Wednesday, February 20, 2013

Spain, California and high-speed rail

In the current issue of the New Yorker:

"What did Spain do with its European money, its cheap debt?" [Cesar] Molinas said. "We made empty buildings and airports and high-speed trains." (As the Madrid banker told me, "The cost embedded in taking someone by high-speed rail to Galicia is so high that it would be cheaper just to give people in Galicia a free plane ticket.") Molinas would have preferred investments in what is often called human capital, the very stuff that the crisis was forcing Spain to stint on. "Now we are cutting education, research and development, health care. People making the laws don't understand." (Letter from Madrid, Nick Paumgarten)

That Spain's high-speed rail system wasn't making much money---not even enough to operate the system---isn't news to readers of the SF Chronicle, which had a front-page story telling us that little more than a year ago. The folks who write the Chronicle's editorials, however, apparently don't read their own paper, since they published a dumb pro-high-speed rail editorial---taking the "long view"!---after our state legislature okayed the bonds to finance the-train-to-nowhere segment of the project in the Central Valley.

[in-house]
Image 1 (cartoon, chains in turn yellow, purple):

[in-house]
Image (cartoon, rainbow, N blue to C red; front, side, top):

Cesar Molinas on what ails Spain.

Kathy Hamilton has been monitoring the ongoing California High-Speed Rail follies. Her latest column is here.

The best source of analysis of the whole misbegotten project is here.

Of course Scott Wiener supports the boondoggle, as does Mayor Lee.

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Wooding on Wiener's bogus CEQA "reform"


George Wooding provides another public service---like his article on the street bond a few years ago---with his thorough take-down of Supervisor Wiener's phony CEQA "reform." (Wooding's piece is published both on the Westside Observer and in the newsletter of the Coalition of San Francisco Neighborhoods):

So far District 8 Supervisor Scott Wiener has failed to demonstrate that his newly-proposed amendments to San Francisco’s environmental appeal laws are necessary. That’s not stopping him, as he continues tinkering with San Francisco’s open government laws. Wiener’s legislative changes are primarily designed to reduce the amount of time citizens have to review and appeal environmental impacts to proposed development projects. Wiener seeks to restrict appeals regarding projects to a short time period, so that government and project developers can then go behind closed doors to modify projects without further citizen oversight...